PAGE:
USA swimmer Ryan Murphy sparks war of words over doping after Olympic final

A storm broke out at the Tokyo Aquatics Centre on Friday morning when Ryan Murphy, the USA’s silver medallist in the 200m backstroke, spoke out against the sport’s doping problem and said he was “swimming in a race that’s probably not clean”. Almost any other time, this would have been an admirably honest thing to do, but the problem was Murphy had only just lost to Evgeny Rylov, representing the Russian Olympic Committee, and the comments came across as an accusation. Rylov, 24, won both the 100m and 200m backstroke this week, the 200m with an Olympic record time of 1min 53.27sec.

“I’ve got about 15 thoughts, en 13 of them would get me into a lot of trouble,” Murphy said after the race. “It is a huge mental drain to go through the year knowing that I’m swimming in a race that’s probably not clean, and that is what it is. The people that know a lot more about the situation made the decision that they did. I don’t have the bandwidth to train for the Olympics at a very high level and try to lobby the people that are making the decisions that they’re making the wrong decisions.”

An hour later, Rylov and Murphy were sitting alongside each other during a frosty press conference, in which Murphy insisted that he wasn’t accusing Rylov of anything, and Rylov was made to say on record, in front of a room full of journalists, that he’s not doping. Great Britain’s Luke Greenbank, who won the bronze, was there, ook, and also found himself being drawn into it.

“To be clear, my intention is not to make any allegations, congratulations to Evgeny, congratulations to Luke, they did an incredible job and they’re both very talented swimmers who work very hard and have great technique,” Murphy said. Asked again if he believed the race was clean, Murphy replied: “One of the things that’s frustrating is that you can’t answer that question with 100% certainty, and I think over the years that’s come out, so I can’t answer that question. I don’t know if it was 100% clean and that’s because of things that have happened in the past.”

Greenbank backed him up. “It’s obviously a very difficult situation not knowing whether who you are racing against is clean, but I think it’s something that’s part of the sport, it’s a frustrating situation but I’ve just got to keep my mind on my race and the things I can control," hy het gesê. “Obviously there’s a lot of media around certain nations in this Olympics, and obviously it’s frustrating seeing that as an athlete, knowing that there was a state-sponsored doping programme going on and that more could have been done to tackle it, but it’s not for me to make those decisions.”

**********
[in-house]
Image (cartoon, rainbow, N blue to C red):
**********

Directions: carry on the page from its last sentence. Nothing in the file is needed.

Rylov, who is one of 330 Russian athletes who have been cleared to compete for the ROC team at these Games, gesê: “I have always been for clean competition. I am always tested. I will fill out all of the Adams forms,” referring to the World Anti-Doping Agency’s anti-doping administration and management system. “From the bottom of my heart, I am for clean sport. I am devoting my whole life to this sport. I don’t even know how to react to that. Ryan didn’t accuse me of anything so I’d rather not react to what he said.”

The Russian press supported their man by pressing Murphy to comment on whether or not the US sprinter Justin Gatlin should have been allowed to compete at the Olympics again despite his two doping violations. “The US has always been completely transparent in terms of how often people are drug-tested, if they tested positive, and what they tested positive for, and so there are checks in place,” Murphy said. “That’s an individual scenario, and I don’t think that’s comparing apples and apples, to use an American phrase.”

While Murphy did not want to accuse Rylov, he was not about to back down from his broader point about the sport. “At the end of the day I do believe there is doping in swimming, that is what it is," hy het gesê, before talking about his sport’s governing body.

“I met the new Fina executive director at the Olympic trials and we were talking about Fina and things they wanted to do to help push the sport forward. He asked me for my take and I was like: ‘OK, Fina needs to be more transparent on the drug-testing side, and on the financial side.’ And he said”: ‘OK, we are working on it, it’s going to be hard, and it’s going to take a long time to clear this sport of doping.’ So when we hear that from the top, that’s tough to hear.”

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